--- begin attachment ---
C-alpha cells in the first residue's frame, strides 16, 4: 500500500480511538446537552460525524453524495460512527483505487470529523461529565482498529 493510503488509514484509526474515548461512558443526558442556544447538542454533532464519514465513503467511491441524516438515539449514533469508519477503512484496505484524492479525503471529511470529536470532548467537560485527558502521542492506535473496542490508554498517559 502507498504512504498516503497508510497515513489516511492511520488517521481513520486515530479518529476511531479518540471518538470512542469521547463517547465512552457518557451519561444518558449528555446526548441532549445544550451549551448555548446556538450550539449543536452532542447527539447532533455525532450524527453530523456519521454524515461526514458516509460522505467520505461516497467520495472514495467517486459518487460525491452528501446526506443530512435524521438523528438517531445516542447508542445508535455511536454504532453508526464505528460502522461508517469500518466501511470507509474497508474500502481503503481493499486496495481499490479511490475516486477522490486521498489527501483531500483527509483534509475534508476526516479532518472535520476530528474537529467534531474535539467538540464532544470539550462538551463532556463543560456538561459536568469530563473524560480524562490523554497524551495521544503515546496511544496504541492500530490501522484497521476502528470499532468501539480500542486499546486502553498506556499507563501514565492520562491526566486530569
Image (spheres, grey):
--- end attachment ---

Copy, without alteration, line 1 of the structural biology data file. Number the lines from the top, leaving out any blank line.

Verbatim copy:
C-alpha cells in the first residue's frame, strides 16, 4: 500500500480511538446537552460525524453524495460512527483505487470529523461529565482498529 493510503488509514484509526474515548461512558443526558442556544447538542454533532464519514465513503467511491441524516438515539449514533469508519477503512484496505484524492479525503471529511470529536470532548467537560485527558502521542492506535473496542490508554498517559 502507498504512504498516503497508510497515513489516511492511520488517521481513520486515530479518529476511531479518540471518538470512542469521547463517547465512552457518557451519561444518558449528555446526548441532549445544550451549551448555548446556538450550539449543536452532542447527539447532533455525532450524527453530523456519521454524515461526514458516509460522505467520505461516497467520495472514495467517486459518487460525491452528501446526506443530512435524521438523528438517531445516542447508542445508535455511536454504532453508526464505528460502522461508517469500518466501511470507509474497508474500502481503503481493499486496495481499490479511490475516486477522490486521498489527501483531500483527509483534509475534508476526516479532518472535520476530528474537529467534531474535539467538540464532544470539550462538551463532556463543560456538561459536568469530563473524560480524562490523554497524551495521544503515546496511544496504541492500530490501522484497521476502528470499532468501539480500542486499546486502553498506556499507563501514565492520562491526566486530569